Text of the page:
ALBEMARLE COUNTY, Va. (WAVY) — Human remains found Saturday have been identified as those of Hannah Graham, according to the County of Albemarle Police Department.
On Saturday, human remains were found in southern Albemarle County, along Old Lynchburg Road, and sent to the Medical Examiner’s Office in Richmond. Positive identification was confirmed Friday afternoon to be 18-year-old Hannah Graham of Fairfax, Va.
Hannah’s parents were notified by Albemarle County Police Chief Colonel Steve Sellers and Detective Sergeant Terry Walls. They released a statement on Friday.
“When we first met [Charlottesville Police] Chief Longo, he promised to find our precious daughter, Hannah, and during five long weeks his resolve to fulfill that promise never wavered,” the Grahams’ statement said, in part. “When we started this journey together we all hoped for a happier ending. Sadly that was not to be, but due to the tenacity and determination of Chief Longo, Hannah is coming home to us and we will be eternally grateful to him for this.”
Governor Terry McAuliffe released the following statement, following Friday’s announcement in the Hannah Graham investigation:
Words cannot express Dorothy’s and my sorrow over the news of Hannah Graham’s passing, or the sympathy that we feel for her family, friends and all of the Virginians who have kept them in their thoughts and prayers. I want to thank the sheriff’s deputies, police officers, emergency personnel, and volunteers who searched day after day in the hope of finding Hannah. Our hearts are broken by today’s news, but that will not diminish our resolve to get justice for Hannah and her family.
Investigators continue to move forward with the death investigation, working “around the clock,” according to an Albemarle County Police Department release.
The tip to look off Old Lynchburg Road came from a landscaper who worked near the abandoned property. Bobby Pugh one day watched dozens of vultures perch and circle the rural area outside Charlottesville late September.
“It wasn’t your normal deer-carcass-on-the-side-of-the-street buzzard,” Pugh said. “This was 20 to 30, what we call black-headed buzzards which are competitive scavengers. They’re pretty aggressive scavengers.”
This tip filed Sept. 30 developed into the lead authorities followed to find human remains Oct. 18. Search crews scoured the place coming up with a skull that was sent to Richmond, according to a police source close to the case.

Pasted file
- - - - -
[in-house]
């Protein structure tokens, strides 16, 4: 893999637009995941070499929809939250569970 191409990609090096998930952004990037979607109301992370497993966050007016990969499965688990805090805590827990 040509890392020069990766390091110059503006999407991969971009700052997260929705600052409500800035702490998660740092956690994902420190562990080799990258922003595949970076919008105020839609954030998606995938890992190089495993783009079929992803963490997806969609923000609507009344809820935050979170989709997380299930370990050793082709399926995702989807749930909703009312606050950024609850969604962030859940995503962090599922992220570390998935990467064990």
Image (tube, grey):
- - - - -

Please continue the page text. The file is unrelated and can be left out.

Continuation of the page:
Several jurisdictions are coordinating on this investigation, including the Charlottesville Police Department, the Fairfax City Police Department and the Virginia State Police Bureau of Criminal Investigation’s Appomattox Field Office, which is the lead agency on the Morgan Harrington investigation.
Police are asking anyone who might have tips for investigators — perhaps residents near Old Lynchburg Road — to call the Charlottesville Police Department’s tip line: 434-295-3851.
“We remain committed to this investigation and will work to ensure that justice is served,” the ACPD release said.
Last month, 32-year-old Jesse Leroy Matthew Jr. was charged with abduction with intent to defile Graham, a UVa. student who went missing Sept. 13.
Graham’s remains were discovered roughly six miles from where the body of 20-year-old Virginia Tech student Morgan Harrington was found after she vanished in 2009. Police have said forensic evidence connects Matthew to Harrington’s killing, which in turn is linked by DNA to a 2005 sexual assault in Fairfax.
Matthew was indicted Monday as a suspect in the 2005 case, but has not been charged in Harrington’s case.
Matthew is in jail in Charlottesville and will appear in court Dec. 4 for a preliminary hearing in the Hannah Graham case. His attorney has repeatedly refused to discuss his client, and a message on his law office telephone on Monday said he was not taking questions in the case.
The Virginia Department of Emergency Management released the following statement Friday:
All who are trained in search and rescue embark on their mission with the sincere expectation of finding the missing person alive. We are truly saddened by the confirmation of Hannah Graham’s passing. Our deepest sympathies are with her family and friends and all who knew her and loved her.
Our agency and hundreds of volunteer search teams were honored to serve the Charlottesville and Albemarle police departments, the Charlottesville/University of Virginia community and the Commonwealth of Virginia for more than 30 days in the search for Hannah. Volunteer teams logged more than 7,500 search hours and were deployed on more than 670 search tasks. We remain committed to assisting local law enforcement with the search for missing persons as needed.